@dakoller: federated SPARQLing is an active research area, but because this is very hard to get right and efficient (as decades of research in federated databases have demonstrated, which basically never got to anything functioning and reality turned to data warehousing as an ugly but practical approach), i wouldn't wait for it. you might get it working when expanding the "let's SPARQL a single RDF silo" approach to a "let's SPARQL a couple of RDF silos" approach, but if it should really work at web scale, you essentially need to build real-time crawling into the infrastructure you're building, and that is, to put it mildly, maybe not all that easy to get working.

but the point is that as with data warehousing, SPARQLing silos already delivers a lot of value, and as long as the data has some backlinks to its origin (conveniently provided by RDF), i am sure even in this a little less elegant setting there is a lot that could be done. i really like the RDF/OLAP idea, maybe these are two communities that really should talk to each other a whole lot more.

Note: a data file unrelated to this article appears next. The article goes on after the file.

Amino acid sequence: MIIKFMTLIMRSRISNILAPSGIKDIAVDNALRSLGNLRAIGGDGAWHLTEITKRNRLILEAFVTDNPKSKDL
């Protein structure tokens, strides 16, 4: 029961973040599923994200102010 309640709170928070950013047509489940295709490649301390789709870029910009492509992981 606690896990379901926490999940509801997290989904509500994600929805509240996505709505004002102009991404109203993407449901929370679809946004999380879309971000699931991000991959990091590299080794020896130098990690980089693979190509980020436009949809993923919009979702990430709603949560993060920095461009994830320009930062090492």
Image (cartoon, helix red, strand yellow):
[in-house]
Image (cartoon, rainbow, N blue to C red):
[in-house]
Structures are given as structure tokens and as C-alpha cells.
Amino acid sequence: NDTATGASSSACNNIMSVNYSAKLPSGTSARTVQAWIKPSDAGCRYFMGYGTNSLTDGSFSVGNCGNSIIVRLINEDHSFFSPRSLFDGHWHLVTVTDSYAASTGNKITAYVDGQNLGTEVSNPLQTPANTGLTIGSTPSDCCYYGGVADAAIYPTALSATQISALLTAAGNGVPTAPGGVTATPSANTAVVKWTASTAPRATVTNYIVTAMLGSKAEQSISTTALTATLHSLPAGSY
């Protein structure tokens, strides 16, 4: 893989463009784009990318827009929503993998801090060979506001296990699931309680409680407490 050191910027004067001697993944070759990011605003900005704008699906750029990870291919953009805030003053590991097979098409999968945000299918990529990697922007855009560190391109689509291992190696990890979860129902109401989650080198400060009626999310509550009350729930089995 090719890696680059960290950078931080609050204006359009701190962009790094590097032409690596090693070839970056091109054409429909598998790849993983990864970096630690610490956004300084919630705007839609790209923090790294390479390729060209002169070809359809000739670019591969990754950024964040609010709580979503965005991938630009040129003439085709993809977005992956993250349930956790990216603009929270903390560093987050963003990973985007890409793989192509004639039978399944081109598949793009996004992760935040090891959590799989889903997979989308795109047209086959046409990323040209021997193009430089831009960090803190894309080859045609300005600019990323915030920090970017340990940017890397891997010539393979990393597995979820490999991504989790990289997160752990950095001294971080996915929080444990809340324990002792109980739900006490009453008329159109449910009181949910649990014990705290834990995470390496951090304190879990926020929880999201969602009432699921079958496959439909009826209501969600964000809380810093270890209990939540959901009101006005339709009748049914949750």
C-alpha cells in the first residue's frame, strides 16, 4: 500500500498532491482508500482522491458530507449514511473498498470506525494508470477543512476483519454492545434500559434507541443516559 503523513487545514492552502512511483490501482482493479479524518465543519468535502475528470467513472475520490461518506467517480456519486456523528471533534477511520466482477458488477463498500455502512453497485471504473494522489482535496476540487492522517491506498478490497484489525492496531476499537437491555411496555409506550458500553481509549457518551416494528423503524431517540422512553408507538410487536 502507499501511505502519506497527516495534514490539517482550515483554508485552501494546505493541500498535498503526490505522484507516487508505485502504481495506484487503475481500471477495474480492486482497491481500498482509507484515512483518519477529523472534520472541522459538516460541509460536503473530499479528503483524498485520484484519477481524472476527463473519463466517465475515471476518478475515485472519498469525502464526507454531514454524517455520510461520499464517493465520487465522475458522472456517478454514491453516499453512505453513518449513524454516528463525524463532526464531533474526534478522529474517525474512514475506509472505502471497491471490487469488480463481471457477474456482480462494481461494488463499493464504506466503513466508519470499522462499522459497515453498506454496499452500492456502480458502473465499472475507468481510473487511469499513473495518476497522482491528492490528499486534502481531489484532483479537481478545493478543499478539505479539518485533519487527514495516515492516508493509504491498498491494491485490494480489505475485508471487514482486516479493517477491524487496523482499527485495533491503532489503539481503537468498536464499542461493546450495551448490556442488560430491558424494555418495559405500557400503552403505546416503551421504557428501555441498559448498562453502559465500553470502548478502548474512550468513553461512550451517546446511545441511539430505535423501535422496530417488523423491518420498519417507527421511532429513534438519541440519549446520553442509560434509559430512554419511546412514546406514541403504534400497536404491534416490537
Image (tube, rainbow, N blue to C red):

Danny

re. Linked Data converging on a small set of vocabularies - although reuse of terms is desirable where appropriate (e.g. dc:title instead of my:title), to work in a global environment covering millions of different subject domains of varying levels of specialization, a large set of vocabularies is essential. I reckon in this context there is a definite role for some level of inference, like subclass/subproperty reasoning to tie those vocabularies together down through specializations. Otherwise we either compromise the potential utility of the data (by sticking with over-generalizations) or risk continuing the disconnect that the current one-API-per-site setup incurs.

re. local stores, federation etc - although a lot of the infrastructure kind of specifications are in place, we're still a way off being able to *fluidly* obtain, manipulate and republish data in practice. Even if everyone decided to publish RDF overnight (as distributed LD or in SPARQL stores), there'll still be a gaping void out there which needs filling with intermediary services and end-user tools, to make the stuff really useful. This stuff takes time :)